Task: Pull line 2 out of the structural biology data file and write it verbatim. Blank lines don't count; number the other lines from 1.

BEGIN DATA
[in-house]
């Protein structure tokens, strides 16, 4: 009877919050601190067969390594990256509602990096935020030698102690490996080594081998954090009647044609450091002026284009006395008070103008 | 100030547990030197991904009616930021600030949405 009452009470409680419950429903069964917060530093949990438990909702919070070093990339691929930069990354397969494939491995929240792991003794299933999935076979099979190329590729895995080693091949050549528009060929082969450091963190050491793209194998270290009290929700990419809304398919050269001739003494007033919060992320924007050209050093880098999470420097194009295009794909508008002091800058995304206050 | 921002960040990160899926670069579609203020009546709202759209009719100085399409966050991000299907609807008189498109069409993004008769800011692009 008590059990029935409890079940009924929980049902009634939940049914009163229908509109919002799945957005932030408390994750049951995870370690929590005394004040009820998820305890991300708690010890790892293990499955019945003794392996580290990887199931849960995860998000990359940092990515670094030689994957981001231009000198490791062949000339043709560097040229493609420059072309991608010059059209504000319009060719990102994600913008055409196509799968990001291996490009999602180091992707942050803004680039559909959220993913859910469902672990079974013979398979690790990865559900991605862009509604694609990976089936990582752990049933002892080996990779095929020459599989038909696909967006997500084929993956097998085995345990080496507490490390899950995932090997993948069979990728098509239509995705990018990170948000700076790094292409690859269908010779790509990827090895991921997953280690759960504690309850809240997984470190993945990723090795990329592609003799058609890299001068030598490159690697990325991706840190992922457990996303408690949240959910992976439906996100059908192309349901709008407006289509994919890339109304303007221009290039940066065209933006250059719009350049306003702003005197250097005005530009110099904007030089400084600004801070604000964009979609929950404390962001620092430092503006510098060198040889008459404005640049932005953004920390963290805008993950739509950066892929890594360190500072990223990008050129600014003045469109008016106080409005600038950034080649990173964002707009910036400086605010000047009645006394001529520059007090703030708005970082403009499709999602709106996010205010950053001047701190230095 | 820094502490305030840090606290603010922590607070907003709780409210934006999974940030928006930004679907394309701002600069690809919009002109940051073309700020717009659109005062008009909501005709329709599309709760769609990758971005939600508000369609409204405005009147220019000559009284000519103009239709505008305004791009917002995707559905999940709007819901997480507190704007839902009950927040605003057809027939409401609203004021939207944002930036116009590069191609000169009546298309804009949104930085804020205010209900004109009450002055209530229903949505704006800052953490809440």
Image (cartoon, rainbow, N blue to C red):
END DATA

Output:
């Protein structure tokens, strides 16, 4: 009877919050601190067969390594990256509602990096935020030698102690490996080594081998954090009647044609450091002026284009006395008070103008 | 100030547990030197991904009616930021600030949405 009452009470409680419950429903069964917060530093949990438990909702919070070093990339691929930069990354397969494939491995929240792991003794299933999935076979099979190329590729895995080693091949050549528009060929082969450091963190050491793209194998270290009290929700990419809304398919050269001739003494007033919060992320924007050209050093880098999470420097194009295009794909508008002091800058995304206050 | 921002960040990160899926670069579609203020009546709202759209009719100085399409966050991000299907609807008189498109069409993004008769800011692009 008590059990029935409890079940009924929980049902009634939940049914009163229908509109919002799945957005932030408390994750049951995870370690929590005394004040009820998820305890991300708690010890790892293990499955019945003794392996580290990887199931849960995860998000990359940092990515670094030689994957981001231009000198490791062949000339043709560097040229493609420059072309991608010059059209504000319009060719990102994600913008055409196509799968990001291996490009999602180091992707942050803004680039559909959220993913859910469902672990079974013979398979690790990865559900991605862009509604694609990976089936990582752990049933002892080996990779095929020459599989038909696909967006997500084929993956097998085995345990080496507490490390899950995932090997993948069979990728098509239509995705990018990170948000700076790094292409690859269908010779790509990827090895991921997953280690759960504690309850809240997984470190993945990723090795990329592609003799058609890299001068030598490159690697990325991706840190992922457990996303408690949240959910992976439906996100059908192309349901709008407006289509994919890339109304303007221009290039940066065209933006250059719009350049306003702003005197250097005005530009110099904007030089400084600004801070604000964009979609929950404390962001620092430092503006510098060198040889008459404005640049932005953004920390963290805008993950739509950066892929890594360190500072990223990008050129600014003045469109008016106080409005600038950034080649990173964002707009910036400086605010000047009645006394001529520059007090703030708005970082403009499709999602709106996010205010950053001047701190230095 | 820094502490305030840090606290603010922590607070907003709780409210934006999974940030928006930004679907394309701002600069690809919009002109940051073309700020717009659109005062008009909501005709329709599309709760769609990758971005939600508000369609409204405005009147220019000559009284000519103009239709505008305004791009917002995707559905999940709007819901997480507190704007839902009950927040605003057809027939409401609203004021939207944002930036116009590069191609000169009546298309804009949104930085804020205010209900004109009450002055209530229903949505704006800052953490809440």